We have a few questions left from last week’s Quality Score webinar (watch the replay) with Bryan Eisenberg. The first batch of 10 Quality Score Questions/Answers are here, and the second batch of 10 more Quality Score Questions/Answers are here.
Any more? Post ‘em in the comments.
Q: Does using the keyword in the title and description and URL produce a high Quality Score?
A: Repeating a keyword in the text-ad and landing page and yes even the URL (not often possible certainly does produce a part of the relevance that delivers a good Quality Score. But remember that CTR is the most important attribute, there are other components too (like load time etc.) and almost certainly the relevance calculation is somehow more complex. So nothing other than doing everything right (with everything being a set of things and measures we don’t know) will guarentee a high Quality Score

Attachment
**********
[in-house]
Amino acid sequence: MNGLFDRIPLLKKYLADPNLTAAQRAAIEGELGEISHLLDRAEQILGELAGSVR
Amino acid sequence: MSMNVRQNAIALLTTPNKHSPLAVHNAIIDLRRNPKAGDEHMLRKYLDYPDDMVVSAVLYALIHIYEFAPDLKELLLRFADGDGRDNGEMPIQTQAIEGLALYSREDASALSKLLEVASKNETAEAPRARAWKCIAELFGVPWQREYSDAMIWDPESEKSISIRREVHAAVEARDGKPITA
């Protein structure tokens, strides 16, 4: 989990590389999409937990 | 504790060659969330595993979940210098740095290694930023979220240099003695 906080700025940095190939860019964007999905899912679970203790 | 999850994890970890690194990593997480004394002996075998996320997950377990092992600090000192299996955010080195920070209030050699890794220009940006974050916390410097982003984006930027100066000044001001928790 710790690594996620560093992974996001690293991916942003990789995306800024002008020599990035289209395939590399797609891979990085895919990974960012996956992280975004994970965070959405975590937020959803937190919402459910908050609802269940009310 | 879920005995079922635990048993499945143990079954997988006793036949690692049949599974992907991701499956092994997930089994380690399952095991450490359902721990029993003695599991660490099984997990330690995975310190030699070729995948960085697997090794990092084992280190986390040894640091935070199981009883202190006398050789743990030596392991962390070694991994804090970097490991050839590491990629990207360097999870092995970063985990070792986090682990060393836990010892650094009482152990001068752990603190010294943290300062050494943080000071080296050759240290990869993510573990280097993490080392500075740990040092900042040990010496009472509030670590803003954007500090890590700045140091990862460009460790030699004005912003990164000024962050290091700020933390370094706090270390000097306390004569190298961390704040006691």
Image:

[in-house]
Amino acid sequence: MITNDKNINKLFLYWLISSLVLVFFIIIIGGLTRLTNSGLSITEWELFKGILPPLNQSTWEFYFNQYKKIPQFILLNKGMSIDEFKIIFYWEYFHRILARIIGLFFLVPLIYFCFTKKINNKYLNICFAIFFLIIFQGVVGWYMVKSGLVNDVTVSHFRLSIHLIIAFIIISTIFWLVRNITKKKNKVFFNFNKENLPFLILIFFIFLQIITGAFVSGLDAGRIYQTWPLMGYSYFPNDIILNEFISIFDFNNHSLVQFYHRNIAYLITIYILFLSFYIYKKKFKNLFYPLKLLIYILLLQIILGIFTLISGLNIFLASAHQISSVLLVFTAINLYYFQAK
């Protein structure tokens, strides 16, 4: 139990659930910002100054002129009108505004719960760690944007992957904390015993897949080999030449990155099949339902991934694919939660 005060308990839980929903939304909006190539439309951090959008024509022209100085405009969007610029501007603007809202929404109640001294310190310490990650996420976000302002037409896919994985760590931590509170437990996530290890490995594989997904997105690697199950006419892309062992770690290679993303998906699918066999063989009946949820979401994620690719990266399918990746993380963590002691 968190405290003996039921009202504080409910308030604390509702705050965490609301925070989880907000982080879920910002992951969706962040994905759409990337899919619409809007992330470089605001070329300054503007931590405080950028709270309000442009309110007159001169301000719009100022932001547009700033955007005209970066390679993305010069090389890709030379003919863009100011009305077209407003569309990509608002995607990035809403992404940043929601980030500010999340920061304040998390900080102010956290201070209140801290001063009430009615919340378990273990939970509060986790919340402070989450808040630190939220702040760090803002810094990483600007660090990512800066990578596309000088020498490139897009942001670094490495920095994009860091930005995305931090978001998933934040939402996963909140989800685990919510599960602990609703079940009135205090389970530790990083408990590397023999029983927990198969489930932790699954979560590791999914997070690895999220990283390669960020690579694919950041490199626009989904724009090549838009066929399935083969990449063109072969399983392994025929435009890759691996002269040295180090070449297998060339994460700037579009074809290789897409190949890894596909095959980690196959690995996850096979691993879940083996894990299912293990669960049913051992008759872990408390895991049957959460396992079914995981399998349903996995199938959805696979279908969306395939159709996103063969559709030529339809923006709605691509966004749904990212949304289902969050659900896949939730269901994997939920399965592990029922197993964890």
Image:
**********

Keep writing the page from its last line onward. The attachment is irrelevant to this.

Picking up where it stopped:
Q: What is the most optimized landing page in terms of Quality Score?
A: One that is perfectly relevant to the keyword, search query, and text in the ad, and gets people to stay (low bounce rate) and probably move forward (another click if not a conversion). Beyond that, nobody knows.
Q: Can high impression low Quality Score keywords impact low impression keywords?
A: Yes. Their are overall Quality Score for an Adgroup and for the Account components which impact everything. This is why improving or removing low CTR keywords and text-ads is important to overall and broad Quality Score.
Q: How many impressions should an ad get before evaluating it’s CTR?
A: It depends upon margin of error you’re willing to tolerate. A simple calculation for the margin-of-error in any sample size can be calculated as 1/SquareRoot-of-Sample-Size. So, with 100 impressions your margin of error is 1/10 or +/-10%. For an ad with a CTR of 7%, this is clearly an unacceptable margin of error. For a brand keyword/ad where CTR is in the 40-50% range, this margin of error is probably acceptable. A good general guideline is that brand ads should probably see something on the order of 100-150 impressions and that general ads should see at least 200-300 impressions before making any meaningful decisions. More impressions yield even greater confidence levels.